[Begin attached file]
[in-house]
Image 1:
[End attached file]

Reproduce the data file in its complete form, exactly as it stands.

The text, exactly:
[in-house]
Image 1: